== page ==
1 bridge table to join the two together for each instance of book and price.

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I think I've had similar problem.
I solved this with the t-sql construction 'pivot'
(ugliness: you have to explicitly state the columns in the query)

We're using T-SQL.
I don't know the sql dialect you're using, so it may not be applicable.

http://www.tsqltutorials.com/pivot.php

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Edit: Sorry for misreading the question

You can use three tables here to represent you model, one for books:

CREATE TABLE Books (
BookId Int,
Name Varchar
)

one for prices:

CREATE TABLE Prices (
PriceId Int,
Amount decimal,
PriceName varchar
)

and one to join them all together (this has a flag to show the current price):

CREATE TABLE BookPrices (
BookId Int,
PriceId Int,
Current bit
)

The PriceName provides a hook for a pivot query, which will turn your rows in to columns. In my test I used the names Shelf and Online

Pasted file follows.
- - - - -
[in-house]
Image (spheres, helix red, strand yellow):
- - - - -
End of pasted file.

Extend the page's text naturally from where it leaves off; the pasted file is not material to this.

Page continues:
SELECT * 
FROM (
    SELECT Book.Name BookName, Price.Amount Amount, Price.Name PriceName
    FROM Books Book
    JOIN BookPrices bp
        ON Book.BookId = bp.BookId
    JOIN Prices Price
        ON Price.PriceId = bp.PriceId
) DataTable
PIVOT(
    SUM(Amount)
    FOR PriceName IN ([Shelf],[Online])
) PivotTable
share|improve this answer
    
That gives me prices as ROWS!! I need them as columns :( –  Jack Kada Feb 8 '10 at 14:52

This might perhaps do what you wish.

SELECT D.ID, D.[NAME]
, SUM(D.SpecialOffer) AS SpecialOffer
, SUM(D.BulkPrice) AS BulkPrice
, SUM(D.Normal) AS Normal
FROM (
SELECT BD.ID AS ID, BD.NAME AS [NAME]
    , CASE WHEN BP.Kind LIKE N'%SpecialOffer%' THEN BP.Price ELSE NULL END AS SpecialOffer
    , CASE WHEN BP.Kind LIKE N'%BulkPrice%' THEN BP.Price ELSE NULL END AS BulkPrice
    , CASE WHEN BP.Kind LIKE N'%Normal%' THEN BP.Price ELSE NULL END AS Normal
FROM BookDetails BD
INNER JOIN BookPrices BP ON BP.ID_BOOK_DETAILS = BD.ID) D
GROUP BY D.ID, D.[NAME]

Just make sure the column names suit yours and it should do it. Furthermore, it is ANSI, so this is no DBMS specific SQL DQL code and can be used on ORACLE, SQL SERVER, etc.